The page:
Dental composite resin is becoming the most widely accepted cavity-filling material by dentists because it mimics the natural tooth colour, unlike traditional silver-coloured -- or amalgam -- fillings. Composite resins can easily be shaped to a tooth's anatomy, although they generally are not as strong as amalgam fillings. Filling a tooth with dental composite resin requires accurate timing and manual dexterity.
- Skill level:
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Things you need
- Shade guide
- Cotton rolls
- Light-protected wells
- Air-water syringe
- Bonding agent
- Composite resin syringe
- Composite resin placement instrument
- Curing light
- Slow-speed hand piece
- Rubber cup
- Petroleum jelly
- High-speed hand piece
- Finishing burr
Select the shade of composite resin you want to use. Hold up a shade guide against one of the patient's teeth near the tooth you want to fill, and choose the shade closest to the patient's natural tooth colour. Do this in natural lighting instead of under a fluorescent light bulb, which can make the tooth's natural appearance look different.
Wipe the tooth to be filled with composite resin using a gauze. This removes plaque and other debris from the area. Dry the tooth slightly, and position cotton rolls around the tooth to keep the site dry during the procedure.
Apply an etchant material to the surface of the tooth surface you will fill. Use a well to hold the etchant and a brush to paint it on. Leave the etchant on the tooth for 30 seconds. Rinse the etchant material away and dry the tooth for 15 to 30 seconds.
Put bonding agent on the area you etched. Use a well to hold the bonding agent and a brush to apply it. Lightly air-thin the bonding agent with an air-water syringe.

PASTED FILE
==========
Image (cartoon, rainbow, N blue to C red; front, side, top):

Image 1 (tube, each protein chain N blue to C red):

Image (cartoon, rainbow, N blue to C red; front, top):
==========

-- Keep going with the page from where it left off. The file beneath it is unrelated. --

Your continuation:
Express a dab of composite resin material from a single-paste, lightproof syringe in a light-protected well. Use a composite resin placement instrument to apply a chunk of the composite resin material to the prepared tooth, and light-cure this chunk for about 30 seconds using a curing light. Apply the next increment of composite resin material and light-cure the material again. Continue doing this until the entire tooth preparation is filled with the composite resin, shaping the restoration as you go to look like the patient's original tooth.
Polish the composite resin material using a slow-speed hand piece and rubber cup dipped in petroleum jelly. Use a high-speed hand piece with a finishing burr to remove excess material from the restoration. Glide floss between the teeth in the area of the composite resin restoration to make sure you have maintained adequate space between the teeth.
Tips and warnings
- Some manufacturers offer a gel etchant in a syringe.
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